Tennessee Gov. Bill Lee (R) is proposing first-of-its-kind legislation to protect musicians and songwriters from having their voices appropriated by artificial intelligence.
Lee announced the Ensuring Likeness Voice and Image Security Act — also known as the ELVIS Act — at an event at RCA Studio A in Nashville on Wednesday. Lee was joined by legislative leaders and luminaries of the music and recording industry.
The ELVIS Act is the latest in a wide range of AI-related bills being introduced in statehouses, signaling growing interest and apprehension on the part of governors and state legislators about the rapidly advancing technology.
“Artificial intelligence, as helpful and beneficial as it can be when used appropriately, is something that can frankly rob and destroy an artist’s career if it’s used inappropriately,” Lee said.
Details of the bill are still being finalized, but Lee said the legislation adds “voices” to current Tennessee law that protects name, image and likeness and was inspired by the “robbing” of rock icon Elvis Presley’s identity. The goal is to pass it this year to “ensure that no one can steal the voices of Tennessee artists.”
He predicted the AI legislation would become a model for the nation.
“It’s a fun piece of legislation for a very serious issue that needs to be addressed,” Lee said.
The music industry is a major economic driver in Tennessee. Memphis’s Beale Street is known as the Home of the Blues, and Nashville, as the home of country music, is often referred to as Music City or the Songwriting Capital of the World.
“We stand here in Music City. No robot, no AI creation, no program can come up with a new tune, a new thought, a new story … that resonates in my soul,” House Majority Leader William Lamberth (R) said.
Senate Majority Leader Jack Johnson (R) predicted the legislation would easily pass this year. Both Johnson and Lamberth signaled they intend to personally sponsor the bill in their respective chambers.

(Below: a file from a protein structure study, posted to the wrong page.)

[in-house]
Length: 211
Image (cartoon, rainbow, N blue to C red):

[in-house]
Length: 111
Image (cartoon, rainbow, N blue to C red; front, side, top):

Several members of the music industry attended the event, including singer Michael W. Smith, and endorsed the legislation, saying it is needed to protect their work as generative AI quickly becomes mainstream. Online AI voice generators already make it easy to replicate artists’ voices and have been used to create new songs in the style of famous singers.
In a related development, recent fake internet ads touting Le Creuset cookware have featured the voice and likeness of pop star phenom Taylor Swift.
“When a machine is able to take … someone’s voice and use it without permission, let’s just call it what it is: It’s wrong, it’s theft,” said Jamie Moore, a Grammy-nominated songwriter and producer.
The push to pass AI legislation in Tennessee to protect artists comes amid growing concern about the technology’s impact on intellectual property and copyright protections. Several high-profile authors and the New York Times are suing OpenAI for allegedly training its chatbot using their materials.
Concern about AI is also manifesting in Hollywood. In September, California Assemblymember Ash Kalra (D) introduced legislation to protect actors from having their likenesses cloned by AI.
“There’s an increased concern that technology will be used to supplant their services,” Kalra told the Los Angeles Times. “There’s no doubt that everyone has the right to control their own image and likeness as well as their voice.”
Kalra’s bill seeks to protect actors from being replaced by AI or having their voice or likeness used to train AI systems.
SAG-AFTRA, the actors’ union, negotiated AI protections into a new contract that helped lead to the November conclusion of a months-long actors’ strike.
But some critics said the protections did not go far enough. SAG-AFTRA is facing criticism for signing a voice-licensing deal with an AI company for video games.